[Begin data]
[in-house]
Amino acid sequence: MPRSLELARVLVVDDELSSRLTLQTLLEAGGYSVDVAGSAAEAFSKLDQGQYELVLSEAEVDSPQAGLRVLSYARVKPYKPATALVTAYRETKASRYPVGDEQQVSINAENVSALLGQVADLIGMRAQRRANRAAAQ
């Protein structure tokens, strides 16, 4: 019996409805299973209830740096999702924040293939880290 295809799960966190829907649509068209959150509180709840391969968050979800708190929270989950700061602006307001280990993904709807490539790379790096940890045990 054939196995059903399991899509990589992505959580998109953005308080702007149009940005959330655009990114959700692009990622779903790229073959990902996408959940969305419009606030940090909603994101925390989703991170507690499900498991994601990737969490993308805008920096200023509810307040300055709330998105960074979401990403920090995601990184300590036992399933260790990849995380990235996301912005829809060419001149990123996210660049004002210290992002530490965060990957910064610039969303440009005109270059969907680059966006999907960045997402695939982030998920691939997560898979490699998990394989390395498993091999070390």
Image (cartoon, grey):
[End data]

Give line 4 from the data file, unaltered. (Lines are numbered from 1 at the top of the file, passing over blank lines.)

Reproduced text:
Image (cartoon, grey):